Offline cheryl j

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Re: how can out of body experiences be explained by science?
« Reply #9 on: 04/04/2014 02:13:46 »
  no one seems to have been able, nevertheless, to analyse how the people who see things in operating rooms where objects have been placed out of sight, as I originally asked about, can be 'seen'.

Have there been any actual controlled studies of this or is it mainly anecdotal? I'm not calling O.R. nurses liars, but for every out of body experience where the patient sees or hears something that happened, how many patients had out of body experiences that were inconsistent with real events?
« Last Edit: 05/04/2014 13:13:49 by cheryl j »
 

Offline Omaughuntinaser

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Re: how can out of body experiences be explained by science?
« Reply #10 on: 04/04/2014 06:47:53 »

yes, I have heard people say this but since we don't know what consciousness is and attempts to pin it down scientifically are inconclusive, this reply doesn't help much. How can it be measured? Verified? When we lose it as in sleep, or under anesthetic, or in dementia, where does it go? And what is the 'subconscious' as opposed to the conscious? Unless these questions can be answered then it doesn't seem valid to say it is independent of our physical bodies.  no one seems to have been able, nevertheless, to analyse how the people who see things in operating rooms where objects have been placed out of sight, as I originally asked about, can be 'seen'. I know we don't 'see' with our eyes, but with our brains, but that doesn't help explain the latter phenomenon.


you know, science is very handicapped when it comes to 'consciousness'
but that science can't measure it, does not mean it isn't there, offcourse.
science is designed to put us in a material box , and keep us away from consciousness.
And I didn't wrote "we don't look with our eyes, but with our brains." I didn't wrote that at all! please re read.
If you restrict yourself only to 'science' when it comes to consciousness, you are lost.(scientism), You see, consciousness is non-physical.

first science has to change dramatically!

as Tesla said:


Quote
“The day science begins to study non-physical phenomena, it will make more progress in one decade than in all the previous centuries of its existence.

"science" is now a big joke wit lots of bollocks and bullshit and it doesn't work at all.




 

Offline RD

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Re: how can out of body experiences be explained by science?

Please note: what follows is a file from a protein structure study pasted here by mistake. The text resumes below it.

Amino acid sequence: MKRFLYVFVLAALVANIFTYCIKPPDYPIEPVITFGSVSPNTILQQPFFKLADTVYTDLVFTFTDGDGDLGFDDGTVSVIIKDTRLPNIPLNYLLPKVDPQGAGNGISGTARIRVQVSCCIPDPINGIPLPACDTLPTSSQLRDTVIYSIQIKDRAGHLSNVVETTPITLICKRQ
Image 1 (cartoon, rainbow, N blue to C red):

« Reply #11 on: 04/04/2014 07:17:22 »
as Tesla said:

 Tesla also said about his death-ray, (which he worked on for 25 years) ...

Quote from:  Nikola Tesla
    The nozzle would send concentrated beams of particles through the free air, of such tremendous energy that they will bring down a fleet of 10,000 enemy airplanes at a distance of 200 miles from a defending nation's border and will cause armies to drop dead in their tracks.
http://en.wikipedia.org/wiki/Teleforce

Difficult to tell if that was madness* or a scam to obtain funds, but either way Nikola was making incorrect statements.

[ * Geniuses can also be insane ]

"science" is now a big joke wit lots of bollocks and bullshit and it doesn't work at all.

He communicated via the internet : a medium only made possible by multiple branches of science.
« Last Edit: 04/04/2014 10:19:10 by RD »
 

Offline Omaughuntinaser

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Re: how can out of body experiences be explained by science?
« Reply #12 on: 04/04/2014 09:52:05 »

Difficult to tell if that was madness* or a scam to obtain funds, but either way it Nikola was making incorrect statements.

Well, I don't think so, but if you have a belief system to defend....

anyway, then please say what and why he made "incorrect statements"

I think he was light years ahead of his (and our ) time




He communicated via the internet :

WHO communiated via the 'internet'?


Quote
a medium only made possible by multiple branches of science.

Nope, totally untrue. And by that I mean by 'modern science', 'modern science' really has nothing to do with it all!



 

Offline RD

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Re: how can out of body experiences be explained by science?
« Reply #13 on: 04/04/2014 10:41:45 »
 

Offline Omaughuntinaser

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Re: how can out of body experiences be explained by science?
« Reply #14 on: 04/04/2014 11:00:14 »


Strange logic indeed.

I know of more then enough people who invented things and died poor, So, that doesn't say a thing! If you want to know more about this you have to find out about J.P.Morgan.

Oh and no, I didn't intend humour (in this case ;) ) because the way you wrote it, it seemed you ment Tesla. so I was a bit confused, hence the question.

Well, yes, I use the internet, so what does that mean according to you?

 

Offline cheryl j

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Re: how can out of body experiences be explained by science?